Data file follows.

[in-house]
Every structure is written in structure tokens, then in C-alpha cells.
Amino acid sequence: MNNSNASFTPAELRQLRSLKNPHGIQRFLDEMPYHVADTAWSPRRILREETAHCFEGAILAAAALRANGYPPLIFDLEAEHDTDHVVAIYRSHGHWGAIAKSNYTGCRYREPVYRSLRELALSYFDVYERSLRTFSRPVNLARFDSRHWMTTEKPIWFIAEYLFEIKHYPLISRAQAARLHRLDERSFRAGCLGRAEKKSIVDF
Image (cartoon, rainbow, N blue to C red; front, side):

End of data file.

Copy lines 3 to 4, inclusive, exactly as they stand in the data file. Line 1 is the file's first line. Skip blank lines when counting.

Amino acid sequence: MNNSNASFTPAELRQLRSLKNPHGIQRFLDEMPYHVADTAWSPRRILREETAHCFEGAILAAAALRANGYPPLIFDLEAEHDTDHVVAIYRSHGHWGAIAKSNYTGCRYREPVYRSLRELALSYFDVYERSLRTFSRPVNLARFDSRHWMTTEKPIWFIAEYLFEIKHYPLISRAQAARLHRLDERSFRAGCLGRAEKKSIVDF
Image (cartoon, rainbow, N blue to C red; front, side):